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Mostly unrelated questions about (a) washing and (b) highlighting.


Marvin
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Yo, folks. Questions:

 

1. When using a wash, how does one decide what color to use? I'm working with the Reaper triad, and I also picked up three Citadel shades the other day.

 

Reaper's black I think I get. It gives a lining sort of effect and black shadows, in my early experimenting.

 

The brown seemed to do pretty much obvious stuff with the mini I've tried it on--dirtied it up, gave it some shadows not quite so dark as the black but entirely noticeable. Would it be an avenue to explore for weathering/aging/whatevering wood and/or leather?

 

The flesh wash--should I be trying to hit faces and hands with it? Save it for more scantily-clad minis? Something altogether else?

 

I've also got some Athonian Camoshade, Agrax Earthshade, and Drakenhof Nightshade. So basically a green, a  brown, and a blue wash. Unless I'm totally misreading.

 

The Athonian I haven't used. What situations should I be looking at for a greenish wash?

 

The Agrax seems pretty comparable to Reaper's brown. Is it? I haven't used it yet. I picked it up because everyone seems to swear by it--seems like I've seen it talked about with everything from skeletons to wood to leather. Thoughts and/or advice?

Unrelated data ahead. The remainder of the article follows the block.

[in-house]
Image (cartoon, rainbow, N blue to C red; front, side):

I tried out the Drakenhof on a wizard's pale bluish robes with the hopes of both shadowing and blue-ing up the color as well. It seemed to work on both counts (though I wasn't entirely thrilled with the mini, but nevermind that). Was that a reasonable idea? What other considerations/situations should I keep in mind with this one?

 

Or am I totally off the reservation with all this?

 

2. I'm painting a piece right now, and I mixed up a nice chocolate brown for a robe. I'm getting ready to highlight and got to thinking--should I vary up my colors with highlighting? I've been aiming for very-light versions of the base color. What would happen if I tried highlighting with something else? Is that a thing? Like, go with a yellow on a brown or some such? Or a red or orange or something? I feel like this question particularly makes less sense than it did when I was thinking about it earlier.

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Okay, so: browns, especially clearer browns, can be used to shade bone, skin, hair, sometimes metal if you're going subtle, and sometimes reds or even oranges. Brown of some sort is also good for shading gold if you want it to look rich, warm gold instead, of cold and brassy. Sometimes browns can shade grey, if the black is making it look too sooty and dirty. A brown wash can also be used to shade yellow :)